The sensory store holds a huge amount of information for a very short time.
In 1960 George Sperling conducted an experiment in which he would flash a grid of 12 letters (three rows of four) to his participants, for less than a second. They would then have to try to recall which letters had been flashed up. They would, typically, manage just 3 or 4.
With another group of participants he would flash a grid of letters in the same way, but with a difference. Just after the letters had disappeared they would be asked to recall the letters from either the top, middle or bottom row. Generally, these participants would also recall 3 or 4 letters.
This result suggests that, at the time the participants were told which line to remember, all of the lines were still present in their memory (or they would not have been able to recall so many from any named line).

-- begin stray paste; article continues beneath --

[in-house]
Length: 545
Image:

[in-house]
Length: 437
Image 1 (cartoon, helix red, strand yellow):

It appears, then, that all of those letters were present in memory for a short time. By the time the participants had been asked to recall them and then managed to name a few, however, the rest had dropped out of memory.
The place that held the memory of the letters for a few seconds is known by psychologists as the Sensory Store. It holds a huge amount of information from at least our sight and hearing senses for a very short time. In that time we are able to choose what to focus on, and that is what we become aware of and what goes into working memory.
Sperling, G. (1960). The information available in brief visual presentations. Psychological Monographs: General and Applied, 74(11), 1-29.